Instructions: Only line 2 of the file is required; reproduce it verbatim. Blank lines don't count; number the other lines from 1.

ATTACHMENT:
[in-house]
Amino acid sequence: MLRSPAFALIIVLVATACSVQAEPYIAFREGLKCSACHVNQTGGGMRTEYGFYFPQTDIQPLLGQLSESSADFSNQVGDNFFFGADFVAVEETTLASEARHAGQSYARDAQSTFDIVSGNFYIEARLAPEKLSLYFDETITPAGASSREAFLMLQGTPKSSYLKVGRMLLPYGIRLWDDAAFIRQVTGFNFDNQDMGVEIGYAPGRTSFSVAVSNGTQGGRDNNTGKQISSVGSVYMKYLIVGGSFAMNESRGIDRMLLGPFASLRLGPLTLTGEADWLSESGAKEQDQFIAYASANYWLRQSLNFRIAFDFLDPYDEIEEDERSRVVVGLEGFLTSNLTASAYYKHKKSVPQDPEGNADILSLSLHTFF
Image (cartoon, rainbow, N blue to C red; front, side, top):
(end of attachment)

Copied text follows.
Amino acid sequence: MLRSPAFALIIVLVATACSVQAEPYIAFREGLKCSACHVNQTGGGMRTEYGFYFPQTDIQPLLGQLSESSADFSNQVGDNFFFGADFVAVEETTLASEARHAGQSYARDAQSTFDIVSGNFYIEARLAPEKLSLYFDETITPAGASSREAFLMLQGTPKSSYLKVGRMLLPYGIRLWDDAAFIRQVTGFNFDNQDMGVEIGYAPGRTSFSVAVSNGTQGGRDNNTGKQISSVGSVYMKYLIVGGSFAMNESRGIDRMLLGPFASLRLGPLTLTGEADWLSESGAKEQDQFIAYASANYWLRQSLNFRIAFDFLDPYDEIEEDERSRVVVGLEGFLTSNLTASAYYKHKKSVPQDPEGNADILSLSLHTFF